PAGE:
The labeling today by Ken Clarke of a large number of his erstwhile colleagues as ‘extreme’ Europhobes is not something the public will be that surprised about as the Prime Minister enters the budget negotiations over the next week.
Once again (and its now true to form) the Tory right are trying to claim – incorrectly – that Labour is being inconsistent on Europe. That somehow you cant be pro-European unless you are calling for a massive budget increase with more powers devolved to Brussels plutocrats; or anti-European without wanting to undermine the very Economic union which has led to decades of peace and economic growth across the continent. It is a sad parody on our media that these two extremist and absolutist positions are totally false arguments devoid of political reality.
It is a fallacy to state that you cant wish to remain in the European Union as a full trading partner, with the benefits of an open market, but also wish for a budget cut to the European Union in light of fiscal tightening, which is happening in all national budgets across all of Europe. The two are entirely consistent and actually present a rational argument in stating we want a European Union which works at a time of cuts. Why are the right lampooning this argument which I suspect most reasonable people would subscribe? Indeed, one which the Conservative leader himself can subscribe, were it not for his weakness on the negotiation table.
I suspect today Ed Miliband will rightly emphasize the One Nation willingness to engage in some of the more positive aspects of Europe because in a global world you can retain a national identity whilst working with partners to create economic growth; the notion of peace across the continent; the leverage it allows us to manage trading relationships in an increasingly economically regionalised world and one which allows resources to be pooled and standards maintained.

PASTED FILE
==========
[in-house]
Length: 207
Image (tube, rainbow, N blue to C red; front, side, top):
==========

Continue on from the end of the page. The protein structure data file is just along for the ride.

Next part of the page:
This does not mean that Labour is slavishly devoted to joining the Euro and selling our rights down the river, or that people on the left are happy with the bureaucratic meddling of Brussels, or the increasingly opaque nature of budgetary management. We are not. I am, like the next person, very unhappy with the current state of Europe and its management but I also know that by leaving we would lose out on trading relationships. Europe does have a democratic deficit problem; its budgets and its processes are opaque and there is a serious argument for major reform of CAP and political process within the structure. I also believe that at some point the British public will need to be consulted on our relationship to settle the issue once and for all; I don’t agree that the best time to consult was during the biggest economic crisis in 80 years.
Once upon a time people with views like mine would have been welcomed in the Conservative movement as being pragmatic and reasoned. We would have been respectfully listened and engaged, but such is now those with moderate voices are lynched by the right in quite literal modern day witch-burnings on ConHome or beyond. The centrists in the Tory party are quite literally purged and cast adrift before our eyes.